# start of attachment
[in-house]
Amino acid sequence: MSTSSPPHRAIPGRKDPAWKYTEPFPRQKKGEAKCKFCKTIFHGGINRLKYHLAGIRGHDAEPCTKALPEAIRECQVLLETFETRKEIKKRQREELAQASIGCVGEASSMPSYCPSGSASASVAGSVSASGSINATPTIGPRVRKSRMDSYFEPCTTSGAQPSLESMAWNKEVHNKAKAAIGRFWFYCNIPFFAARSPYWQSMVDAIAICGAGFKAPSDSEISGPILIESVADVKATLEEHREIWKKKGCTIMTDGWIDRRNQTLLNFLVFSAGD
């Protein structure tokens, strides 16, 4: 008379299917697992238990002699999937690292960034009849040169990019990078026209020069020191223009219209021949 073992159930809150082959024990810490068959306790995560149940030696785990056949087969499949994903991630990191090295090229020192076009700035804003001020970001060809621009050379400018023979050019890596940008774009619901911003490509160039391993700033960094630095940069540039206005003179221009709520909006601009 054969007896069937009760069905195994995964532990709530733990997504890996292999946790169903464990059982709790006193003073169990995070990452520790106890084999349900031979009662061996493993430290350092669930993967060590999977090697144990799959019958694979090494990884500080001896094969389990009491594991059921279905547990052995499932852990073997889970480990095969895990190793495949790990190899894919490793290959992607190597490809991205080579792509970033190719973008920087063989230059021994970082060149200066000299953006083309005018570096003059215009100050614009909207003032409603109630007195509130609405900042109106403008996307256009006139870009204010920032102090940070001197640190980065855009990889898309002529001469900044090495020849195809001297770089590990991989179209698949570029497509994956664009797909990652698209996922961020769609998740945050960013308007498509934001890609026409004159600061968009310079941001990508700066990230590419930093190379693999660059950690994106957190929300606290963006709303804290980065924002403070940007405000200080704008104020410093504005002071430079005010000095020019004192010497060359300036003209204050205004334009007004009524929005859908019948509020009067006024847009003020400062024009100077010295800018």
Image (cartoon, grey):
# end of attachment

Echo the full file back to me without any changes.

[in-house]
Amino acid sequence: MSTSSPPHRAIPGRKDPAWKYTEPFPRQKKGEAKCKFCKTIFHGGINRLKYHLAGIRGHDAEPCTKALPEAIRECQVLLETFETRKEIKKRQREELAQASIGCVGEASSMPSYCPSGSASASVAGSVSASGSINATPTIGPRVRKSRMDSYFEPCTTSGAQPSLESMAWNKEVHNKAKAAIGRFWFYCNIPFFAARSPYWQSMVDAIAICGAGFKAPSDSEISGPILIESVADVKATLEEHREIWKKKGCTIMTDGWIDRRNQTLLNFLVFSAGD
């Protein structure tokens, strides 16, 4: 008379299917697992238990002699999937690292960034009849040169990019990078026209020069020191223009219209021949 073992159930809150082959024990810490068959306790995560149940030696785990056949087969499949994903991630990191090295090229020192076009700035804003001020970001060809621009050379400018023979050019890596940008774009619901911003490509160039391993700033960094630095940069540039206005003179221009709520909006601009 054969007896069937009760069905195994995964532990709530733990997504890996292999946790169903464990059982709790006193003073169990995070990452520790106890084999349900031979009662061996493993430290350092669930993967060590999977090697144990799959019958694979090494990884500080001896094969389990009491594991059921279905547990052995499932852990073997889970480990095969895990190793495949790990190899894919490793290959992607190597490809991205080579792509970033190719973008920087063989230059021994970082060149200066000299953006083309005018570096003059215009100050614009909207003032409603109630007195509130609405900042109106403008996307256009006139870009204010920032102090940070001197640190980065855009990889898309002529001469900044090495020849195809001297770089590990991989179209698949570029497509994956664009797909990652698209996922961020769609998740945050960013308007498509934001890609026409004159600061968009310079941001990508700066990230590419930093190379693999660059950690994106957190929300606290963006709303804290980065924002403070940007405000200080704008104020410093504005002071430079005010000095020019004192010497060359300036003209204050205004334009007004009524929005859908019948509020009067006024847009003020400062024009100077010295800018």
Image (cartoon, grey):